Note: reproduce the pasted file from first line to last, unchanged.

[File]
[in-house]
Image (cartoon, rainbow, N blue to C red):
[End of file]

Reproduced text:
[in-house]
Image (cartoon, rainbow, N blue to C red):